“Plants are tricky. Many are edible, but one false mouthful and you’re dead,” writes Suzanne Collins in The Hunger Games (2008), a book I liked instantly because the protagonists of the impoverished District Twelve are foraging wild food from day one. Katniss and Gale make it their regular mission to sneak into the forbidden forest, collecting plants and hunting for food, both to sell and to nourish their families.
And, just like in The Hunger Games, I think I, too, might eat well if society as we know it ceases to exist. Well—plants, in any case. I’d probably have to turn Gregg into a hunter if we were really going to make it, and that could be a hard sell.
But anyway, just in case you one day need to know which plants in The Hunger Games make sense to eat and which do not, here’s a 1,200 word diatribe on the subject—just be sure to read it before your internet goes up in flames.
The Woods at the Edge of the Seam
In the woods, Katniss and Gale gather and eat wild strawberries, dandelions, blackberries, greens, nuts, wild plums, and soft, inner pine bark. All of these are true wild edibles, though “greens” and “nuts” don’t give us much to go on. In her mother’s wild medicinal book, Katniss also finds notes on wild onions and pokeweed—of which the former is delicious but has toxic lookalikes (Seebeck, 1998) and the latter has edible young shoots only, while its other parts are potentially deadly (Brill, 1994).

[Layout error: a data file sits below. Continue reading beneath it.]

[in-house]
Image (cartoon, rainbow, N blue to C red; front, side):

Nobody actually eats the pond lilies in The Hunger Games. At the game’s start, after several hard days and nights searching, Katniss finds water, drinks deep, and then decides, “Tomorrow I’ll stay here, resting, camouflaging my backpack with mud, catching some of those little fish I saw as I sipped, digging up the roots of the pond lilies to make a nice meal.” A few hours later a wall of fire chases her from the spot and she misses her chance to eat pond lily roots. Thank goodness!
You see, if you are an obsessive reader of wild food books like me, you might be aware of a controversy surrounding the eating of pond lily roots. Foraging expert Sam Thayer (2006) writes that although “a large number of wild food references contain accounts of the various water lilies of the genera Nuphar and Nymphaea …the rootstocks and tubers of most, if not all, species of Nuphar and Nympaea are poisonous.”
Much of our early modern wild edible knowledge was drawn from ethnographic accounts, and some say that Native people ate pond lily roots. This explains in part why wild edible guides and modern writers are comfortable perpetuating the information. Why should you have any reason to suspect it not to be true unless you have a bad reaction from eating a pond lily tuber yourself?
Sure enough, in Botanic Notables: Plants of the Hunger Games, Anna Laurent provides an informative review of the book’s plants and their uses, including this point: “Collins does not mention the species, so the lilies of The Hunger Games could be any species of the most common three genuses—Nuphar, Nymphaea, and Nelumbo, all of which have edible rhizomes.”
When I wrote Thayer about it (2012), he explained that of the three genera listed, only Nelumbo is not toxic. Nelumbo lutea, or American lotus, has edible tubers (Nature’s Garden, 2010). Nelumbos are similar in appearance to water lilies because of their big, round leaves which sometimes rest upon the surface of water—but the leaves do not have a cut-out like water lilies, among other differentiating features.